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Associate Professor of Chemistry Matthew Young is replacing Professor of Chemistry Mark Nussbaum as chemistry department chair. Matthew Young | Courtesy
Asso­ciate Pro­fessor of Chem­istry Matthew Young is replacing Pro­fessor of Chem­istry Mark Nussbaum as chem­istry department chair.
Matthew Young | Courtesy

Those who don’t know him might rec­ognize Asso­ciate Pro­fessor of Chem­istry Matthew Young as the pro­fessor who walks with his daughter across campus to preschool in the morning, often sporting a beard which rivals that of Pro­fessor of English Justin Jackson.

This year, Young also became the chair of the chem­istry department, and is helping develop the new chem­istry course that will be offered starting next semester as a part of the core cur­riculum.

Young, who joined the department in 2007, spe­cializes in physical chem­istry, which applies physics con­cepts to chemical systems.

He is also inter­ested in making inter­dis­ci­plinary con­nec­tions between chem­istry and other sub­jects. As an under­graduate student at Seattle Pacific Uni­versity, he found chem­istry inter­esting, but also studied phi­losophy.

“I was one of these people that when I came to college, I was inter­ested in a lot of dif­ferent things,” he said. “I was inter­ested in math, and I got really inter­ested in phi­losophy, and other things.”

Ulti­mately, he chose chem­istry, and went on to North­western Uni­versity where he earned a doc­torate degree in physical chem­istry.

Now as department chair, Young is inte­grating his interest for the liberal arts with his love for chem­istry as he helps develop the new core chem­istry class.

“My first goal for the department is to con­tinue the work toward making that an excellent course,” Young said. “It will have more context for the chem­istry ideas that we go over — we’re going to have more history, more con­nec­tions com­pared to Science 101.”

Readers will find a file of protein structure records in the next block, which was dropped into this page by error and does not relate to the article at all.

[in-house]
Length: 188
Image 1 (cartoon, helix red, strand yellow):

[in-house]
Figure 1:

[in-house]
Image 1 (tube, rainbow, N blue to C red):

Pro­fessor of Chem­istry Mark Nussbaum, the former department chair of nine years, said Young will be an excellent teacher for the new course.

“He really does see chem­istry as an important part of an overall edu­cation for everyone,” Nussbaum said. “As he’s said, if you’re going to have a correct view of the world, then you need to under­stand some­thing about the physical nature of the world.”

Though Young found physical chem­istry classes dif­ficult course as an under­graduate student, he said he tries to make the material acces­sible for his stu­dents.

“I try not to make it any more com­pli­cated than it needs to be,” Young said. “We really focus on the central ideas, but a lot of it is dif­ficult subject matter. I try to make a lot of con­nec­tions to general chem­istry and physics. All we’re doing is taking these ideas a little bit further.”

He’s won the Emily Daugherty Award for Teaching Excel­lence, awarded annually by the college, and his stu­dents said they appre­ciate the effort he puts into teaching a dif­ficult subject.

“You can just tell that he pre­pares for his lec­tures very thor­oughly,” Senior Eva Tang said. “He is very intel­ligent, but he tries to think like what a student would think to make sure we’re getting it. It’s really hard and abstract some­times, but he’s very wel­coming of ques­tions.”

He also works with stu­dents on research projects. Tang, who worked with Young for her chem­istry research this past summer, said he helped her learn the back­ground infor­mation leading into the research and patiently answered her ques­tions, since she had not yet taken physical chem­istry.

“He explains things so well that now I feel like, ‘Oh, I think I get it, I get quantum mechanics,’ which is some­thing that I never thought I’d say,” Tang said.